U.S. soy growers have voiced their deep concern and opposition to the Trump administration's tariffs on imports from their largest trading partner China, fearing the unilateral move could cost their livelihoods.
President Donald Trump on Thursday signed a memorandum that could impose tariffs on up to 60 billion U.S. dollars of imports from China, a move that will undoubtedly draw retaliation from China.
The American Soybean Association (ASA) immediately issued a statement, describing the move "extremely frustrating" when farm incomes were already down nearly 50 percent from 2013.
"Multiple reports indicate the Chinese have U.S. soybeans squarely in their sights for retaliation, and this decision places soybean farmers across the country in financial danger," said ASA President John Heisdorffer in the statement.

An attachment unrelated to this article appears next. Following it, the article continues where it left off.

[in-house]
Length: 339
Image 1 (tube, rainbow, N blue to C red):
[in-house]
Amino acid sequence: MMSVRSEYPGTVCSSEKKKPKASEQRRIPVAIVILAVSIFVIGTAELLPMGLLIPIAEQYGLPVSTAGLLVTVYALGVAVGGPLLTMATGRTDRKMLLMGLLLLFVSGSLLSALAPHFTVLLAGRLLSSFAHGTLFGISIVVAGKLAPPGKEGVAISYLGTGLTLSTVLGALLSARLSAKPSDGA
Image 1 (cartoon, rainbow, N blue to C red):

"There is a real struggle in agriculture to keep everything going right now," he added. "It's extremely frustrating to have the administration taking aim at our largest trading partner."
The ASA reiterated its "significant concern" about the potential for China to retaliate against U.S. soybeans as China is the largest purchaser of U.S. soybeans, consuming nearly a third of U.S. production worth 14 billion dollars annually.
Meanwhile, Heisdorffer pointed out that American agriculture has "tremendous potential" to improve the trade balance with China.
"Soybeans can lead this growth in China, which is projected to significantly increase soybean imports over the next ten years. We should be talking about actions that grow this important market, not risk losing it," said Heisdorffer.